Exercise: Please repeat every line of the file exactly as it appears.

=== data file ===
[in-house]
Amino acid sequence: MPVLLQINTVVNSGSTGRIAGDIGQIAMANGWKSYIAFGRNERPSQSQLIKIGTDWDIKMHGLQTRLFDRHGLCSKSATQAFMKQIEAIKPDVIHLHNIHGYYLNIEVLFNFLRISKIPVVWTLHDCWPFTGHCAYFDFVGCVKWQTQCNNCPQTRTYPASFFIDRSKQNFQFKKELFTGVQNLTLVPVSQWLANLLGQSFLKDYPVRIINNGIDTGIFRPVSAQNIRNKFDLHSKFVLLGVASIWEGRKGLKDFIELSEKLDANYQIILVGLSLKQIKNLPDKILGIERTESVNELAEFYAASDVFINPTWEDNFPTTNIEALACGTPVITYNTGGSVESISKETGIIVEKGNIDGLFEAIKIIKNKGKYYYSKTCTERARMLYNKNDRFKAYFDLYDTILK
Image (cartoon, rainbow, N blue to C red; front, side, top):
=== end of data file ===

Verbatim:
[in-house]
Amino acid sequence: MPVLLQINTVVNSGSTGRIAGDIGQIAMANGWKSYIAFGRNERPSQSQLIKIGTDWDIKMHGLQTRLFDRHGLCSKSATQAFMKQIEAIKPDVIHLHNIHGYYLNIEVLFNFLRISKIPVVWTLHDCWPFTGHCAYFDFVGCVKWQTQCNNCPQTRTYPASFFIDRSKQNFQFKKELFTGVQNLTLVPVSQWLANLLGQSFLKDYPVRIINNGIDTGIFRPVSAQNIRNKFDLHSKFVLLGVASIWEGRKGLKDFIELSEKLDANYQIILVGLSLKQIKNLPDKILGIERTESVNELAEFYAASDVFINPTWEDNFPTTNIEALACGTPVITYNTGGSVESISKETGIIVEKGNIDGLFEAIKIIKNKGKYYYSKTCTERARMLYNKNDRFKAYFDLYDTILK
Image (cartoon, rainbow, N blue to C red; front, side, top):